The Rossi Ranch Hand also features a key lock safety that is located just behind the hammer, and this feature allows the owner to lock up the weapon to prevent unauthorized usage. The m.s.r.p. for the Rossi Ranch hand is listed at $536.00, but actual retail prices will vary. At the time of this article Shooter’s Corner had a Rossi Ranch Hand in their display case for sale. Well as anyone knows, the accuracy of a firearm is the bench mark from which it will be judged. I’ve researched this information and from one new Ranch Hand owner I got this response. “I couldn’t be happier with my .45 long colt caliber Ranch hand. With a little adjustment of the sights, I was dead on target at 25 yards, and held within 1.5” at 50 yards.”

Remember folks this is a pistol caliber weapon, and that’s great accuracy for a pistol. Josh Randall usually fired his Mare’s Leg by placing the butt stock on his right hip, holding the fore stock with his left hand, and operating the loop lever with his right. I suspect that many of the new Mare’s Leg owners will do the same. I believe that walking a tin can (shooting it repeatedly to make it move and fly) will be the method that many rounds are fired from this unique firearm.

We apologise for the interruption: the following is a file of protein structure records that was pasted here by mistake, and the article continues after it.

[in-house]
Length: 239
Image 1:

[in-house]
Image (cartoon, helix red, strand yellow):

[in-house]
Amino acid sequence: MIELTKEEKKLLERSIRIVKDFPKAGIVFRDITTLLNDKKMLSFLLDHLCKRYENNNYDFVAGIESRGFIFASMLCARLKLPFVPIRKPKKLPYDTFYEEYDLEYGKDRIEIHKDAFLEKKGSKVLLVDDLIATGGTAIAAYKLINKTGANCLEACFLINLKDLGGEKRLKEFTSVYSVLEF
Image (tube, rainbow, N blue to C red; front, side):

I’ve not seen any holsters advertised for the Rossi Ranch Hand “Mare’s leg” at the time of this article, but I suspect that Tex Shoemaker will custom make any holster you request at the right price. You too can have a belt rig like Wanted: Dead or Alive star Josh Randall that will increase your fun factor with the Ranch Hand. I hope you have enjoyed the review of this new pistol and will consider it when deciding your next firearm purchase. Mine will probably be of the .44 magnum caliber and I will wait for the stainless steel version that Rossi is sure to release soon. It will be a great companion to my .44 magnum Colt Anaconda for hog hunting. Till next time, shoot safely, practise often, and be sure to join and support the NRA to protect your gun rights.

Juniors Boy